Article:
A project aimed at documenting the lived experiences of UCI’s black students in an effort to record an under-documented aspect of UCI’s dynamic history. The project will include facilitating the collection of oral histories and documentation (including photographs, slides, video recordings, audio recordings, scrapbooks, organizational records, departmental records, publications, event literature such as posters, postcards, flyers, and handbills, and other ephemera) from UCI black alumni, faculty, and staff.

Korean American Women's Archive (KAWA) Project

A two-year project to record the life histories of 50 Korean American women in the Southern California region, reflecting the challenges, triumphs, and impact of this under-documented community, who help to preserve family traditions, values, and culture and are civic connectors. The project will include recording, preserving, transcribing and making accessible these stories in a digital collection, open to researchers around the world.

Past Projects & Initiatives

Institute of Museum and Library Services (IMLS) Research Project

In Spring 2017, the UCI Libraries was awarded a prestigious Institute of Museum and Library Services (IMLS) grant in the community anchors category for “Transforming Knowledge/Transforming Libraries.” This three-year research project will explore the outcomes of undergraduate students applying what they learn in ethnic studies combined with lived experience in contributing to community archives. The research team will partner with the UCI departments of Asian American Studies, Chicano/Latino Studies and African American Studies, as well as stakeholders representing organizations throughout Orange County, California. Additionally, this collaborative partnership will work to connect library and information studies practice with the ethnic studies curriculum and provide undergraduates with first-hand experience in building and providing access to the digital cultural heritage of under-represented communities.

Research on Beginnings of Activism for the Department of Asian American Studies (BADAAS) at UCI

In 2017, the UCI Libraries celebrated the 30th anniversary of the Southeast Asian Archive (SEAA) and joined the School of Humanities in celebrating the 25th anniversary of the Department of Asian American Studies. Department Chair Dr. Judy Wu and SEAA Curator Dr. Thuy Vo Dang led a research internship for five students and one staff member/recent alum who worked collaboratively to research the history of Asian American Studies at UCI.  The research team began with archival research in Special Collections and then conducted oral histories with alumni.  They presented their research at the national American Association of University Professors (AAUP) conference and received funding from the Undergraduate Research Opportunities Program (UROP) to continue their research and development of a short documentary, exhibit, and website (see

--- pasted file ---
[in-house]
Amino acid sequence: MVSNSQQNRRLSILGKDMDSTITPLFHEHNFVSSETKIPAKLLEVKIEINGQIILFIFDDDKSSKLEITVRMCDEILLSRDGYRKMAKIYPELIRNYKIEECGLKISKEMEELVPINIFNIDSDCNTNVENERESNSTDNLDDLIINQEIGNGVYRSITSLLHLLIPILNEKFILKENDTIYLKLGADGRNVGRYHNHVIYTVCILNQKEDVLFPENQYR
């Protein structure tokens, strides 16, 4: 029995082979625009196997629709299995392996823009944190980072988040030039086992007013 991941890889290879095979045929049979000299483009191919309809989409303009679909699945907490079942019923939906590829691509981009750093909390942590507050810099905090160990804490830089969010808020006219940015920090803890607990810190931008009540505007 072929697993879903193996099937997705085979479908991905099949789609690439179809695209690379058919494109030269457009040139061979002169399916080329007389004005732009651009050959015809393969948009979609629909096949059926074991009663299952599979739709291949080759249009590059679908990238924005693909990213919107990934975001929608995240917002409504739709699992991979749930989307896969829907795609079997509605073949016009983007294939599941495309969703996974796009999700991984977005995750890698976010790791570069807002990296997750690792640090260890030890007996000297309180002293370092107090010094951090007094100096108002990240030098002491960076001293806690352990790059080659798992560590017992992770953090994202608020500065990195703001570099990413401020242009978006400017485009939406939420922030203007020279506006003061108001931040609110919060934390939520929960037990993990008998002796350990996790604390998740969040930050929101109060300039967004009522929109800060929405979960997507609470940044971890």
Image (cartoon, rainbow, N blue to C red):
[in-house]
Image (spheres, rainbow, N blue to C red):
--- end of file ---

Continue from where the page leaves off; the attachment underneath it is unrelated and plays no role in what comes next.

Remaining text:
Dr. Ana Rosas' Class and Exhibit - “The Material of Memory: Revisiting Our Histories of Immigration”

This student curated exhibit, which was on display in the UCI Student Center Viewpoint Gallery in March-April 2017, featured personal mementos of student family immigration histories. The exhibit was curated under the faculty advisement of Dr. Ana Rosas, Associate Professor, Chicano/Latino Studies and History. The project was co-sponsored by the Department of Chicano/Latino Studies, Department of History, School of Social Sciences, UCI Special Collections and Archives, UCI Illuminations and UCI Advisory Council on Campus Climate, Culture and Inclusion. UCI Special Collections and Archives will preserve material from the exhibit in the University Archives.

Transforming the Historical Narrative: Our Values

Community-centered archives come into being through collaborative partnerships between mainstream archival institutions and communities that are underrepresented in the historical record. The goal is to empower communities in the process of telling and preserving their own histories. In a community-centered archive partnership, archival institutions like the UCI Libraries Special Collections & Archives, Orange County & Southeast Asian Archive Center are:

  • Attentive to inequities reflected in archives
    • An institution should seek to understand how communities have been misrepresented, absent, or maligned in historical documentation.
  • Responsive to the community’s needs
    • An institution must be flexible, adaptable, and take an iterative and ethical approach to responding to how community memory and evidence is preserved, described, and made accessible. This means being willing to bend and stretch how archival work is defined to reflect what matters to the community.
  • Collaborative through shared authority
    • In a community-centered approach, the institution focuses on shared authority, making decisions together and respecting the value, expertise, and perspective brought to the partnership by the community.
  • Cognizant of the divergent priorities of communities
    • Community-institution partnerships must vary depending on the needs of each community, from the level of involvement by specific contributors to decisions about what archival material to collect.

We trust in a community’s expertise and lived experience as the impetus for building impactful community-centered archives.


Orange County & Southeast Asian Archive Center

University of California, Irvine

Located in Lower Gateway Plaza Facing Aldrich Park

(949) 824-4968